The polygons in this datalayer represent Census Collection Blocks for the islands. To improve operational efficiency and geographic identifications for Census 2000, the U.S. Census Bureau introduced different numbering systems for tabulation blocks, used in the census data products, and for collection blocks, used in administering the census.
In 1990 the U.S. Census Bureau used a single block numbering system and appended an alphabetic suffix to the basic number where a collection block was split by a tabulation boundary. Census 2000 used a set of collection geographic areas for canvassing and administering the census. The collection areas and their hierarchy used in the Census 2000 was different from those used in the 1990 census. Census 2000 collection blocks were unique within collection state and county. The Census 2000 collection blocks generally followed visible features such as roads, rivers, and railroad tracks. Census 2000 collection blocks appear only in the TIGER/Line files; the U.S. Census Bureau did not tabulate data for collection blocks.
The Census 2000 collection blocks are numbered uniquely within county (or statistically equivalent entity) with a four- or five-digit number. Census 2000 collection blocks are unique within collection state and county; they do not nest within census tract. To control the Census 2000 collection block numbers during the collection process, the U.S. Census Bureau retained the original collection state and county codes even if the state and county changed after the original Census 2000 collection blocks were delineated. The collection state and county codes reflect the boundaries of those areas at the time of collection block numbering. To uniquely identify Census 2000 collection blocks, users must use the collection state and county code fields together with the collection block number and suffix fields. The U.S. Census Bureau assigned collection block suffixes to some Census 2000 collection blocks split by road features added to Census TIGER after the assignment of the Census 2000 collection block numbers. The U.S. Census Bureau also assigned collection block suffixes to reflect updated American Indian reservation, American Indian trust land, and military installation boundaries. There is no relationship between the Census 2000 block numbers and the 1990 tabulation block numbers. Nor is there a relationship or correlation between the Census 2000 tabulation block numbers and collection block numbers. 1990 Census Block Numbers 1990 census blocks were numbered uniquely within each 1990 state/county/census tract or block numbering area (BNA). A 1990 census block was identified by a 3-character basic block number and an optional 1-character alphabetic suffix. Many 1990 census blocks did not have suffixes.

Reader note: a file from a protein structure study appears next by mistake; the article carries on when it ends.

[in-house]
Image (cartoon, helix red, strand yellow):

The U.S. Census Bureau introduced a different method for identifying the water areas of census blocks for Census 2000. For the 1990 census, water was not uniquely identified within a census block; instead, all water area internal to a block group was given a single block number ending in "99" (for example, in block group 1, all water was identified as block 199). A suffix was added to each 1990 water block number where the block existed in more than one tabulation entity within its block group. For Census 2000, water area located completely within the boundary of a single land block has the same block number as that land block. Water area that touches more than one land block is assigned a unique block number not associated with any adjacent land block. The U.S. Census Bureau assigned water block numbers beginning with the block group number followed by "999 " and preceding in descending order. For example, in block group 3, the block numbers assigned to water areas that border multiple land blocks are 3999, 3998, 3997, and so forth. The U.S. Census Bureau assigned collection water block numbers within a county beginning with 9999 or 99999 and preceding in descending order. For example, the collection water block numbers in a county would be 9999, 9998, 9997, and so forth. In some block groups, the numbering of land blocks might use enough of the available tabulation block numbers to reach beyond the 900 range within the block group. For this reason, and because some land blocks include water (ponds and small lakes), no conclusions about whether or not a block is all land or all water can be made by looking at the Census 2000 block numbers. Data users must use the WATER field on Record Type S to determine if the GT-polygon is land or water. The WATER field has two values, 0 for land or 1 for water.